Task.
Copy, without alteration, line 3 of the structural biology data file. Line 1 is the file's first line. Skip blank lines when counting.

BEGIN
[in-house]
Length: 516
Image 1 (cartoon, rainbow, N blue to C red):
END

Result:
Image 1 (cartoon, rainbow, N blue to C red):